• Disease–gene network, where metanodes of diseases are transformed through the menu MetaGraph→ Network Transformation→ Create Bipartite Graph, and metanodes of therapies are discarded (Figure 1E). An edge between a gene and a disease indicate that the gene is known to be associated with the disease.
  • Therapy–drug network, where metanodes of therapies are transformed through the menu MetaGraph→ Network Transformation→ Create Bipartite Graph, and metanodes of diseases are discarded (Figure 1F). An edge between a drug and a therapy indicates that the drug is known to be part of the therapy.
  • Co-disease gene network, where metanodes of diseases are transformed through the menu MetaGraph→ Network Transformation→ Create Co-Metanode Network, and metanodes of therapies are discarded (Figure 1G). An edge between two genes indicates that both are known to be associated with the same disease.
  • Co-therapy drug network, where metanodes of therapies are transformed through the menu MetaGraph→ Network Transformation→ Create Co-Metanode Network, and metanodes of diseases are discarded (Figure 1H). An edge between two drugs indicates that both are known to be associated with the same therapy.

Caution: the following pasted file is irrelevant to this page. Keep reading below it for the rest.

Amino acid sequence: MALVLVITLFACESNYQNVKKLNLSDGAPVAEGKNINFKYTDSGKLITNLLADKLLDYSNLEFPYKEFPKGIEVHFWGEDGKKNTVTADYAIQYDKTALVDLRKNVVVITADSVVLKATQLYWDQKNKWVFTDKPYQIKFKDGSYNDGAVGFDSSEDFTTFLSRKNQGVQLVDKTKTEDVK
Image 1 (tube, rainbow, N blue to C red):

• Disease–gene–drug network, where genes in the disease–gene network are queried for the potential drugs targeting them (Figure 1I).
  • Therapy–drug–gene network, where drugs in the therapy–drug network are queried for their targets (Figure 1J).
  • Disease–gene–drug–therapy network, where metanodes of both diseases and therapies are transformed through the menu MetaGraph→ Network Transformation→ Create Bipartite Graph. Drugs are queried for their targets, and genes are queried for the drugs (Figure 1K).

Enhanced network filtering and analysis

Edges in the VisANT network can be easily filtered based on the methods associated with them (through the menu View→ Method Table) or based on their weight if it has been assigned (19–21,27). This update therefore focused on the development of the functions to facilitate the node filtering. There are two ways to achieve this.